We’ve written about Arnold & Son time and again here, as this is a brand we truly respect. Here, we reflect on what Arnold & Son has achieved this year with its newest introductions, watches that are just starting to hit the markets this summer. These complexities created with superb craftsmanship celebrate the brand’s 250th anniversary.
The world premiere CTB. Part of the brand’s Instrument collection, the CTB (Central True Beat) Chronograph houses a proprietary in-house manufactured movement and represents a World’s First in a wrist watch: a chronograph with a central true beat seconds hand. Achieved by incorporating a central true beat seconds hand and a central chronograph seconds hand — both on the same axis but with different jumping intervals – the watch is protected by two patents.
Sometimes referred to as a dead beat seconds, the true beat seconds is a precision function wherein the seconds beat incrementally as opposed to sweeping along the dial – allowing for more accurate reading. To accomplish this function in and of itself is no easy feat. However, Arnold &Son has taken the idea to new heights by incorporating the true beat seconds on the same axis as the chronograph seconds hand. The result, when the continually running chronograph hand is started, is visually amazing. It gives the impression that it can catch up to the true beat seconds hand, but this never happens since the true beat seconds hand jumps away each second in a delightful and entrancing game of cat and mouse.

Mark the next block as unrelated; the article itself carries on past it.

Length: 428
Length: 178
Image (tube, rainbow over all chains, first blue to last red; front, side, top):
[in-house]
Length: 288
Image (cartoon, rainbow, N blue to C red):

The A&S 7103 caliber is a proprietary mechanical self-winding movement with column-wheel operated chronograph. The movement is configured to give optimum balance and beauty to the dial, with off-centered hour and minutes at 12 o’clock, big central true beat seconds and central chronographs seconds, and 60-minutes chronograph indicator at 6 o’clock. The 31-jewel movement beats at 28,800 vibrations per hour and offers more than 50 hours of power reserve. This world’s-first timepiece also offers the efficiency of bi-directional winding thanks to ceramic ball bearings.